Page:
“That’s really sad, man” Claude said monotonously. “Why do you always have to ruin it for me?” He walked closer to Chavis, and there was a glimmer of a tear forming in his pale, blue eye. “You never think there could be somewhere better than here? I’d give anything to leave this fucking place.”
Chavis knew Claude had a rough life growing up. A broken home, a mother addicted to drugs, a father who hated him and a brother who belittled him every chance he got. He didn’t think he would have been offended.
“I’m sorry, bro” Chavis said. He put a hesitant hand on Claude’s shoulder. “It’s all good” he added reassuringly. “If you ever get up there, write about it, and your words could echo back” he paused, and then “or just leave like Bierce”, hoping light humor could soften Claude’s sudden despondence.
“Fuck you” Claude said, laughing. Chavis laughed with him.
“Come on, man, let’s keep talking.” Chavis said, walking away towards the elementary school. They were already half court of the soccer field.
“You ever think about leaving?” Claude asked after a moment of silence. The grass was wet with the mist of the October night, smacking against their shoes as they walked.
“Sometimes, I do” he replied. “Not to space, but like a different city. Do you?”
Claude thought about it, and after another moment of dragged-out silence he finally spoke. They were under a streetlight on the edge of the soccer field, standing in the turning lane for the school bus parking lot.
“I do” he said. “I think about leaving all the time.”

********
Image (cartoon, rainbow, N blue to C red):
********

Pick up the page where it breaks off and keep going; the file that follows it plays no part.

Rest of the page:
Chavis could feel the burden of something sinister but thought it wise to not be so direct about it.
“To where?” was all he could muster.
Claude looked up into the streetlight, and his eyes were watching the bugs zooming around frantically. “I think I’d go somewhere where I would never be seen again.”
“Are you talking about suicide?” Chavis asked. Claude just shrugged and started to walk away. “No, don’t walk away.” Chavis grabbed his shoulder and pulled him back around. “Suicide?”
Right as Claude was about to speak, he was frozen. His mouth was open, but no words came out.
“Come on, Claude” Chavis laughed nervously. “Suicide?”
Claude’s mouth was still open and motionless. In the light from the streetlamp, Chavis could see that Claude was looking over his shoulder. When he turned to look, he was greeted by a small, emerald colored orb that seemed to be gyrating and morphing in and out.
“What the fuck is that?” Chavis wondered. It was floating about four feet above them, off to the back of where they stood under the light. The illumination from above, trickled down and through the body of the orb, giving it a transparent appearance.
“Probably an alien” Claude finally spoke. He walked closer to it, until he was directly underneath it.
They were both flabbergasted by the orb. Chavis had heard old tales of orbs from the elderly people of their neighborhood, hell, even seen documentaries about ghostly orbs on television, but had never seen one in person.